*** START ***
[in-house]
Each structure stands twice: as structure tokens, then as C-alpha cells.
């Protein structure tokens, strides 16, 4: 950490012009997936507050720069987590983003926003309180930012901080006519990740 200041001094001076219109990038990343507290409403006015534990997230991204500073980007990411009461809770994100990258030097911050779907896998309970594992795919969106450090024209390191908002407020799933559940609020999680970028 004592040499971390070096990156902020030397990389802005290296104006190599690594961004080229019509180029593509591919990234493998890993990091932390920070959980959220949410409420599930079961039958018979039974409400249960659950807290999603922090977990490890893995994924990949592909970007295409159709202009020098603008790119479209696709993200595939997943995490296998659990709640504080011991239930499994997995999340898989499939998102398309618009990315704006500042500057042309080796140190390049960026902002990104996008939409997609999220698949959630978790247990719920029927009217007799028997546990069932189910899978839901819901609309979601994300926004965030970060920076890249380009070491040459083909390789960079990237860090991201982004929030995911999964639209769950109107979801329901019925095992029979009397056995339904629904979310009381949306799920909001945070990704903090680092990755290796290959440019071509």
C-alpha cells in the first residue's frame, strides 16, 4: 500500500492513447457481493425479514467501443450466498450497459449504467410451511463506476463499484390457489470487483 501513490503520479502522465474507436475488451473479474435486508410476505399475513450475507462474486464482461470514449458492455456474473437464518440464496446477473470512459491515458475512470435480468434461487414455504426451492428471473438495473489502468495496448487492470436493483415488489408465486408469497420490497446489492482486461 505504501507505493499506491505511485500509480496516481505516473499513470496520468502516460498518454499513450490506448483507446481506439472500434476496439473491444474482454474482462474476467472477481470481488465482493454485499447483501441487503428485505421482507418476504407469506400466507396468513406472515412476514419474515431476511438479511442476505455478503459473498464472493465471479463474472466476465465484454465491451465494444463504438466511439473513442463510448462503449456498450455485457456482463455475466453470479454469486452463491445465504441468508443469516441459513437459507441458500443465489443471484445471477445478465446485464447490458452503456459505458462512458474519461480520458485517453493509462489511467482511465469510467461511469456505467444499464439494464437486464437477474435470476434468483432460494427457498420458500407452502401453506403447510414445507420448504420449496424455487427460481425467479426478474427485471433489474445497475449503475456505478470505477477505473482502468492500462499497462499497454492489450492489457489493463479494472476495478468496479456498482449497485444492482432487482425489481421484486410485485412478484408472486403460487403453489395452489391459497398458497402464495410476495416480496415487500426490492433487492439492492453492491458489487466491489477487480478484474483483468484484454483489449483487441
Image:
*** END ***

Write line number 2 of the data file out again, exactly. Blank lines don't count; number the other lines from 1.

Each structure stands twice: as structure tokens, then as C-alpha cells.